The main objective of the present study was to report the incidence, recurrence, prevalence, and course of depressive
symptoms during the transition from late pregnancy to the postpartum period in healthy women with and without a history
of depression. The study also aimed to examine the predictive value of a history of premenstrual syndrome (PMS)/
premenstrual dysphoric disorder (PMDD) for peripartum depressive symptoms. A sample of 687 healthy women with
(n = 192) and without (n = 495) a history of depression were included in the present analyses. Maternal depressive symptoms were assessed during late pregnancy, 1–2 weeks postpartum, and 4–6 weeks postpartum using the German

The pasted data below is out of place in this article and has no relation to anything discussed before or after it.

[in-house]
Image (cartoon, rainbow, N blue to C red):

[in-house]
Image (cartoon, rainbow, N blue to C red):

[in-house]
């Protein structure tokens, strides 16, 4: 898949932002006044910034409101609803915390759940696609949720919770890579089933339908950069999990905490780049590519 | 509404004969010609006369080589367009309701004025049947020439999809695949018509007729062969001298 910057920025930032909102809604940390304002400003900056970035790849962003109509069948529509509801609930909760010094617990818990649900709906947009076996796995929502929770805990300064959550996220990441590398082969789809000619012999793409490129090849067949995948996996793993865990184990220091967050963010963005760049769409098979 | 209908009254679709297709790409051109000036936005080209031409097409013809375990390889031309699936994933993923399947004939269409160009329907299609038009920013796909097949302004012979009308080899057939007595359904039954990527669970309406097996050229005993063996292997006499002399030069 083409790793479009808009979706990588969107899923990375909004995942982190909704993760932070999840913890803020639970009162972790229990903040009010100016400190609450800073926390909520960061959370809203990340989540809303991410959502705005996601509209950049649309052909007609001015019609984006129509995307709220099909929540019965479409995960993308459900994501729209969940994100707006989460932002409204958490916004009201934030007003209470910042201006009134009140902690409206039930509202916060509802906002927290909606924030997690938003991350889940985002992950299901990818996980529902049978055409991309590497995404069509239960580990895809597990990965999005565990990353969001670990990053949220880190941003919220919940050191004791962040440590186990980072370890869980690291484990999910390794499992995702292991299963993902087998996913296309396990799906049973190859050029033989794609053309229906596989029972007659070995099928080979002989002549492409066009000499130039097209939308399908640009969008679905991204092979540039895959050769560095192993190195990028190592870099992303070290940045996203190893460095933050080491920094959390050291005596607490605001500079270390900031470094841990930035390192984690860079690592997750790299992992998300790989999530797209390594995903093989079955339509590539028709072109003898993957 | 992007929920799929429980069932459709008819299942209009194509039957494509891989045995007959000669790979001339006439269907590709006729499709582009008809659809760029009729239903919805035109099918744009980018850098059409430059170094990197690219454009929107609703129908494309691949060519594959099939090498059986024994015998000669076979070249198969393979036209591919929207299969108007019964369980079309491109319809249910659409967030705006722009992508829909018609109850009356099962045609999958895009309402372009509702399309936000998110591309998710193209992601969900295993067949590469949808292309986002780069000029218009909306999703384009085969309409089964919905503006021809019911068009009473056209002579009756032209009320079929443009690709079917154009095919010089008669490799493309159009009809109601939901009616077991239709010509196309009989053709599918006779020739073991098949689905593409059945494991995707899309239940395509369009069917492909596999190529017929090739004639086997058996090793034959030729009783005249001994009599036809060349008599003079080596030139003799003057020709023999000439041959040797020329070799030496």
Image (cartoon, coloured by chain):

version of the Edinburgh Postnatal Depression Scale. PMS/PMDD was assessed retrospectiv ely using the German version
of the Premenstrual Symptoms Screening Tool. Women with a history of depression were twice more likely to show
peripartum depressive symptoms than women without a history of depression. A history of symptoms of PMS/PMDD
prior to the current pregnancy was associated with increased odds of peripartum depressive symptoms (pvalues < .05).
Peripartum depressive symptoms are highly prevalent, especially in women with a history of depression and co-existing
symptoms of PMS/PMDD. Screening for depression in the antenatal period is highly recommended, particularly for individuals with previous PMS/PMDD or a history of depression.